Tesla's Model Y, the automaker's forthcoming smaller SUV, will use a new vehicle platform and will require a new Tesla assembly plant, CEO Elon Musk confirmed at the company's annual shareholder meeting this week in Mountain View, Calif.
While facing some criticism for not going the cost-effective route of basing the new SUV on the coming Model 3, Musk said "we made a mistake" in trying to build the Model X SUV on the platform shared with the Model S sedan. He also said that the Model Y would be designed specifically as an SUV and added that it would incorporate major improvements to allow for new and cheaper manufacturing methods, cutting the capital expenditures required for the new model.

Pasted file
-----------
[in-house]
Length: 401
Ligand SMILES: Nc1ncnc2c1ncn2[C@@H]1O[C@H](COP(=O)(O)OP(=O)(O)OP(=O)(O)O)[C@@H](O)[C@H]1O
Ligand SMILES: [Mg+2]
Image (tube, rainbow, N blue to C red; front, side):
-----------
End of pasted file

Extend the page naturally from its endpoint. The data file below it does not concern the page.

As part of the presentation, the company showed a shadowy teaser image of the Model Y, which seemed, in the little that could be seen, to share some of the Model 3's contours.
Musk said he expects the Model Y SUV, predicted to be smaller and cheaper than the Model X, to be more popular than the $35,000-to-start Model 3 sedan coming this year, thus requiring a new plant. That demand could not be handled at Tesla's sole assembly plant in Fremont, Calif., given the several-hundred-thousand reservations already made for the Model 3 and continued production of the Model S and Model X.
At the meeting, Musk also said the Autopilot features for the cars with second-generation hardware will match the original Autopilot "as early as next week." Tesla had been criticized for a cutback in safety features and recently restored limited automatic emergency braking.